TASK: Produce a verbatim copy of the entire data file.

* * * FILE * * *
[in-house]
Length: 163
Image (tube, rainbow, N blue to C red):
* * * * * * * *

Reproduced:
[in-house]
Length: 163
Image (tube, rainbow, N blue to C red):